If you’re looking at the picture of the cover, notice the “Book Three” label at the bottom, and realize that I completely skipped my review for The.Sea of Monsters, you would be right. I’ve been struggling to get reviews out in general and I found that I didn’t have much to say about the second book that I hadn’t already said about the first book, unless I nitpicked at plot points which would inevitably lead into spoiler territory. I’m happy to say, however, that I really want to talk about The Titan’s Curse. I didn’t enjoy it as much as its two predecessors and I’m hoping that forcing myself to articulate my thoughts in a review will better help me to understand what about the story disappointed me. For die-hard fans of the series, I apologize in advance because there will be several instances throughout this review where I will probably bash your favorite character/plot point. Please don’t be offended because I do like the series as a whole so far and hope to continue enjoying it further down the road.

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Book Review: Percy Jackson and the Olympians: The Lightning Thief

Percy JacksonPercy Jackson and the Olympians: The Lightning Thief

By: Rick Riordan

Genres: Fantasy, Young Adult

Percy Jackson is a good kid, but he can’t seem to focus on his schoolwork or control his temper. And lately, being away at boarding school is only getting worse—Percy could have sworn his pre-algebra teacher turned into a monster and tried to kill him. When Percy’s mom finds out, she knows it’s time that he knew the truth about where he came from, and that he go to the one place he’ll be safe. She sends Percy to Camp Half Blood, a summer camp for demigods (on Long Island), where he learns that the father he never knew is Poseidon, God of the Sea. Soon a mystery unfolds and together with his friends—one a satyr and the other the demigod daughter of Athena—Percy sets out on a quest across the United States to reach the gates of the Underworld (located in a recording studio in Hollywood) and prevent a catastrophic war between the gods.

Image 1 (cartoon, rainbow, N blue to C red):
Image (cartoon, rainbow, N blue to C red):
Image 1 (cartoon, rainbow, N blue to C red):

~From Goodreads

Percy Jackson is one of those quintessential YA series that any good fantasy lover HAS to read. I’ve honestly had this series on my TBR list for years but kept finding excuses to hold it off. I eventually purchased this book in the hopes that having it in physical copy constantly taunting me would force me to read it faster and this ploy eventually worked. I obviously enjoyed the story: I finished it in less than a week. With my recent track record, that puts this book on Jesus levels of awesomeness. I admit the story is flawed and the characters aren’t perfect, but I had a lot of fun reading about Percy’s quest for the lost Lightning Bolt and can’t wait to get my hands on the rest of the series (and Riordan’s bazillion spin-offs).

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Book Review: Howl’s Moving Castle

Howl's Moving CastleHowl’s Moving Castle

By: Diana Wynne Jones

Genres: Fantasy, Young Adult, Romance

Sophie has the great misfortune of being the eldest of three daughters, destined to fail miserably should she ever leave home to seek her fate. But when she unwittingly attracts the ire of the Witch of the Waste, Sophie finds herself under a horrid spell that transforms her into an old lady. Her only chance at breaking it lies in the ever-moving castle in the hills: the Wizard Howl’s castle. To untangle the enchantment, Sophie must handle the heartless Howl, strike a bargain with a fire demon, and meet the Witch of the Waste head-on. Along the way, she discovers that there’s far more to Howl—and herself—than first meets the eye.